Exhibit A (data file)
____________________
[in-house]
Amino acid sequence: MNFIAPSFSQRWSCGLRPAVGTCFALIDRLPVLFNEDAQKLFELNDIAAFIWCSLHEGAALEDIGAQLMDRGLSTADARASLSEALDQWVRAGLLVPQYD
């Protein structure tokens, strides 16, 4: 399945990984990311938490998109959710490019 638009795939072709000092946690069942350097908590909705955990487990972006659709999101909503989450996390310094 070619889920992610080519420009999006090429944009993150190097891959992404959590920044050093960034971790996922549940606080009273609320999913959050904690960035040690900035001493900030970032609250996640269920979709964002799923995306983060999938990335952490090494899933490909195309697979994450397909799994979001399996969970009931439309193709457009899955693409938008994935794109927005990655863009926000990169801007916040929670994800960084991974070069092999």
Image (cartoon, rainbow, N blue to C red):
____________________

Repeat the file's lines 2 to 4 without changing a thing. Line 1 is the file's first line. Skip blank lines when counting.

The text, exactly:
Amino acid sequence: MNFIAPSFSQRWSCGLRPAVGTCFALIDRLPVLFNEDAQKLFELNDIAAFIWCSLHEGAALEDIGAQLMDRGLSTADARASLSEALDQWVRAGLLVPQYD
């Protein structure tokens, strides 16, 4: 399945990984990311938490998109959710490019 638009795939072709000092946690069942350097908590909705955990487990972006659709999101909503989450996390310094 070619889920992610080519420009999006090429944009993150190097891959992404959590920044050093960034971790996922549940606080009273609320999913959050904690960035040690900035001493900030970032609250996640269920979709964002799923995306983060999938990335952490090494899933490909195309697979994450397909799994979001399996969970009931439309193709457009899955693409938008994935794109927005990655863009926000990169801007916040929670994800960084991974070069092999």
Image (cartoon, rainbow, N blue to C red):